This Weekend's Highlights

Shaw Squared

Shaw Squared

Road 1 South

Road 1 South

Cinelli Bros Review

         Authored by Chris Berry


I don’t normally start a review with a disclaimer but the truth is, I got this assignment over 6 months ago. For various reasons it took a long time to get to it. It is not because there is anything wrong with this band. 
I first became aware of the Cinelli Brothers when I noticed that they seemed to dominate the same Blues Radio Station Play Lists as my own band The Swamp Poets, (They were always number 1 and we were somewhere closer to the bottom). I don’t remember exactly when but I know at some point I thought “I should probably check out the competition!” 
Holy Smokes! The first time I listened to them I was blown away! I couldn’t believe that these were a bunch of Young European guys and I couldn’t understand why they weren’t already famous in the United States, (Lord knows they’re already huge in Europe and the UK). The Cinellis recently won the 2022 UK Blues challenge so it may be sooner than you think that they’ll be making a big splash stateside as they will be competing at the IBCs in Memphis, TN in January. 
Being an elder American born Bluesman myself, I often hear criticism of “newer” blues musicians, (especially non-Americans), as being “inauthentic”. Not so with these fellows. If you close your eyes and listen to just about any Cinelli Brothers album you’ll swear you’re listening to 100+ year old Mississippi Delta Bluesmen at the top of their game. It astounds me that the Cinellis are European, (Two Italians, A Frenchman and A Brit). In reality, though, I personally might never have discovered the blues if it hadn’t been for the “British Invasion” bands of the 60’s reintroducing us Americans back to our own unique, original and homegrown musical heritage so I’m all for hearing their take. 
To put it into perspective: I currently have 5 “newer” blues based acts as my favorite bands. They are Larkin Poe, Blackberry Smoke, Gov’t Mule, Tedeschi Trucks and the Cinelli Brothers. Guess who is number one? 
On their website the Cinellis state that they have a deep affection for 60’s American Blues. I venture to say that the influence goes much further back than that and These guys have definitely done their homework. They cover just about everything from smouldering swampy blues to jump blues, big band blues/swing, Stax soul, a little Americana and just about every other blues sub genre in between. When it comes to all of the different versions of American Blues these guys are “all over the map”, playing a myriad of styles but always with at least one foot deep in the Delta.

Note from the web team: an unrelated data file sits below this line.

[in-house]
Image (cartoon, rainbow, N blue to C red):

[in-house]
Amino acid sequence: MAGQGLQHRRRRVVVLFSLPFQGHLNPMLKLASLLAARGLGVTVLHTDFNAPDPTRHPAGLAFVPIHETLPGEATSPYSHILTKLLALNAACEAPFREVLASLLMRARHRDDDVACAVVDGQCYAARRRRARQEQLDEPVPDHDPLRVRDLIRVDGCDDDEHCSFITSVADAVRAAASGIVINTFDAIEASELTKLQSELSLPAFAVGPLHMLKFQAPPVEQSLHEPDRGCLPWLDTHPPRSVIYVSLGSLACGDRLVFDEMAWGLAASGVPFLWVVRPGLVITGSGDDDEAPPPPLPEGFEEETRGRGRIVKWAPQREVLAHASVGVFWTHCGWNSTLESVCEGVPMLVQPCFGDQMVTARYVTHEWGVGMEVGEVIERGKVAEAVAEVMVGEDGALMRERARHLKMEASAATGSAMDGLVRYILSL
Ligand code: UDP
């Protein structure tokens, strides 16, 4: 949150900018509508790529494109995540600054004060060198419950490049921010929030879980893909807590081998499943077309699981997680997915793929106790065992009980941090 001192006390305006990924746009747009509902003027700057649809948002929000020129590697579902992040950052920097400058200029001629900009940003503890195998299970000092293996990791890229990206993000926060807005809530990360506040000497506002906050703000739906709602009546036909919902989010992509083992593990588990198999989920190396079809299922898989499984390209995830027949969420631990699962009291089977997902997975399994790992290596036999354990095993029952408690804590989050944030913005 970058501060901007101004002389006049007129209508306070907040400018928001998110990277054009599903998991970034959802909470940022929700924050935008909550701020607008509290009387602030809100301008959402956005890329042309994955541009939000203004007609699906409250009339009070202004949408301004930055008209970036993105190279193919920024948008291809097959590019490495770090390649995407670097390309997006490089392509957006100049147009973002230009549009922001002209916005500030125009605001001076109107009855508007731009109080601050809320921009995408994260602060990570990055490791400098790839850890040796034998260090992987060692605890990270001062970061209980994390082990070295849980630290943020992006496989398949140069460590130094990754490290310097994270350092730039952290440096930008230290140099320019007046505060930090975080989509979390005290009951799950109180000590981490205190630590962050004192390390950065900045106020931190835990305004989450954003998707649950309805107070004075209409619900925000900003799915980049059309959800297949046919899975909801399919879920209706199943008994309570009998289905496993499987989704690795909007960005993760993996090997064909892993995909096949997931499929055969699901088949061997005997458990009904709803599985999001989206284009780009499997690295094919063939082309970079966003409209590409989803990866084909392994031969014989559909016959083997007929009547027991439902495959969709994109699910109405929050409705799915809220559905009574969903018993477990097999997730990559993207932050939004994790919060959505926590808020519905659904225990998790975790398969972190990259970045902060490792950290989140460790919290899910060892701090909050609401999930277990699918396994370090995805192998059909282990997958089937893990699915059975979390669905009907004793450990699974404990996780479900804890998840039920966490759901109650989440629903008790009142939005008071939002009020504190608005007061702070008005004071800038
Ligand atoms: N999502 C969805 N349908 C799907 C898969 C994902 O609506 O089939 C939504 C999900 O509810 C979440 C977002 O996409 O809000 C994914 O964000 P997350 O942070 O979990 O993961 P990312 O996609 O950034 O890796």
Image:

On both of the albums I am going to review here, there are no “fillers”. Each song stands on its own. Each one is pleasant to listen to and each one pays homage to the respective styles they are emulating. In short, You can’t go wrong with any Cinelli Brothers song or 
album For the sake of keeping it short, and although I’m going to break the albums down by song, (and I may even compare it to another preexisting song, suffice it to say that you owe it to yourself to give the Cinelli Brothers a listen. So, without further Ado:…............................... 
“No Country For Bluesmen” - The Cinelli Brothers 
This “Tour De Force” by the Cinellis features guest appearances by many “up & coming” European blues artists. The truth is although it was really nice of the Cinellis to showcase and expose us to other acts they didn’t have to. These fellows are perfectly capable of “knocking our socks off” without any outside help. 
1. Make you mine – Featuring Connor Selby on Lead Vocals this one is reminiscent of a very tight mash up of American Country and Early British invasion. 
2. High Time We Run – Featuring Julian Jones on Ld. Vocal. This is a nice, New Orleans “second line” style, horn driven, Swing romp. 
3. Deep Down Devil – A 20’s-30’s era jazzy, Juke Joint/Speakeasy feel featuring the harmony vocals of Alice Armstrong and Marco Cinelli 
4. Together Is Better – A solid danceable rocking tune. 
5. So Far So Good – With Big Joe Louis holding down the lead vocal seat, This is a rocking and upbeat, funky, blues that is guaranteed to have everyone up and dancing. 
6. Dish it out – Tommy Hare delivers some excellent Staxx, Soul type vocals on this rocking blues number. 
7. No Place For Me – Ian Siegal on Lead vocals. This is a slower blues with some beautifully rendered Delta style slide guitar. In my mind, I could hear this being played late at night down at the Juke Joint. 
8. Dillon – Great Organ/Trumpet instrumental featuring Mark Kanuma on trumpet. (there wasn’t a lot of info about this one in the liner notes). 
9. Careful What You Wish For – This one has a long but pleasant guitar and intro that features Dana Gillespie on Lead Vocals. It has a pleasant, guitar driven, Jump Blues feel. 
10. Leave It All Behind – Zac Shulze on Lead Vocals. Zac delivers a very soulful, (reminiscent of Marvin Gaye), feel to this Staxx style Soul tune. 
11. Much Too Much – Lead Vocals by Stuart Maxwell. This is a really fun Jazzy, Juke Joint, Jump Blues style, Party Song with comedy lyrics.